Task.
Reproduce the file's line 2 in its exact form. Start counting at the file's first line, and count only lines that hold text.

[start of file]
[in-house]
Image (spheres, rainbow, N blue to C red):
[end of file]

Image (spheres, rainbow, N blue to C red):